Another cool little feature is the Slab Slicer which at the moment is a work in progress. Basically what it does, is allowing you to “slice” bigger objects into smaller and more real-life sized objects. Image having a roof or floor construction drawn up in Revit©, but you want to sequence individual parts of these objects such as roofing and flooring. Then this little feature can do that for you, and you as a designer, then have the opportunity to use bigger and more overall-descriptive objects during your Revit© designs without losing the possibility to overcome issues with constructability and such. All this is done without destroying the original objects.
Quality Control – VEOTM© Logic:
Video – This feature is very much like Solibri Model Checker©. It has the ability to coordinate clashes between objects, both in relation to geometry and proximity. The clash detection is formed around Rules organized in Rule Sets. It is very simple to setup different rules, you simply just describe the rule and then apply the Tags of the different objects you want clash detected. It is as simple as that, the only barrier is your own organization and structuring of the Revit© parameters and VEOTM© Tags.
When the clash detection has been run, it is vital that the discovered information is passed on to the respective disciplines for correction. This is done by grouping the results and then assigning each of the detected issues to the respective group.
Data Gathering plus Documentation – VEOTM© Archive:
Video – This is where the program gets really interesting, because this is one of the features, I think, we lack in the AEC industry at the moment. Also because it’s a feature that is not well documented and developed enough in other BIM-platforms.
The Archives feature is basically a relational database integrated into the program. This database contains all documents such as PDF, Excel and alike, relevant to the project. These documents can then be linked to different objects in the project such as doors, windows, technical installations for Operation and Maintenance purposes. You also have the possibility to associate one specific document to a specific Tag in the project. Remember that VEOTM© categorizes your objects in Tags. This means that: if you associate one document to a Tag, all doors with that specific tag become associated with the Operation and Maintenance document.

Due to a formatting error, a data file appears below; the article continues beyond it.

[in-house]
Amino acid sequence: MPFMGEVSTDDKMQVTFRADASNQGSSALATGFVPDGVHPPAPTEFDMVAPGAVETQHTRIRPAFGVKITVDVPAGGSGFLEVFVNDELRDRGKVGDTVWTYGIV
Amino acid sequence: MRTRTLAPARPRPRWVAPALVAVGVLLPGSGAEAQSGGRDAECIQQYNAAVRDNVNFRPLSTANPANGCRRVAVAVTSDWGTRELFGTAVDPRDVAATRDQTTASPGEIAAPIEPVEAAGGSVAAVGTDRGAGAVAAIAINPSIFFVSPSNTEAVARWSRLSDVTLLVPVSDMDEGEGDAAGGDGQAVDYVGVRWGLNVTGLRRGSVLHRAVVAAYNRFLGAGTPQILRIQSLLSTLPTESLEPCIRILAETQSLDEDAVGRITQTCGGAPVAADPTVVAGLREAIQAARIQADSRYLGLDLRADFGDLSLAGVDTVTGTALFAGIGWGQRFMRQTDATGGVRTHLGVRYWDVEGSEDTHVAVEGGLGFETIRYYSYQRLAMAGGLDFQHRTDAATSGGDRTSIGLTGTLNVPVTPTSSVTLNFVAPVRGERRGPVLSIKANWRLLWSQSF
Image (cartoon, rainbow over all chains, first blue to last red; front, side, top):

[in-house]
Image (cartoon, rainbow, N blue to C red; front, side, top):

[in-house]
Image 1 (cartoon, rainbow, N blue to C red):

The reason why I find this specific feature very interesting is because: during the construction phases of a project, we have to gather, categorize and store tons of information from the contractors and their suppliers. This process, in relation to the modern BIM-oriented workflows, has been raising a lot of new problems and actual barriers for a successful cross-collaborative implementation of BIM in the AEC industry, in my opinion. We can always go into a more technical and cultural discussion about this, but that’s for another blog post.
What VEOTM© contributes with, in this relation, is that it gives the project managers an opportunity to categorize and store the Operation and Maintenance information directly in the model, associated with the object that it relates to. This is insanely smart when we think about the handover process and the upcoming BIM-oriented Facility Management period, which usually have a span of 100 years. Because, if the Facility Manager decides to use programs like ArchiFM or ArchiBUS, they would want to link the Operation and Maintenance information to the respective objects in the Facility Management program, so why not do this during the construction period so it’s ready for handover?
Potential and personal opinion
I have covered some of this in the above text, but I want to add that my personal opinion on this program is overall positive. It is, if not the program, then at least a step on the way to what the AEC industry needs in relation to the modern cross-collaborative BIM-workflow. There is especially a great potential in the Archives feature, which I think a lot of project managers and contractors could have a great use of in terms of control, data gathering, quality assurance and optimization.
One thing that I don’t quite like about this new program is the user controls: why not keep the same control settings as used in ex. Revit©, seeing that the users of VEOTM© would be mainly Revit© users, until other API’s gets developed. I got frustrated when trying to navigate in the program.
So what you’re getting, if you buy it, is basically a cross-collaborative BIM-platform that includes the capabilities of a viewer, a model checker, a scheduling program and an Operation and Maintenance database. If it is as good as the other stand-alone solution cannot be determined here, only user experience and time can tell.
Written by: Nis Boile Christensen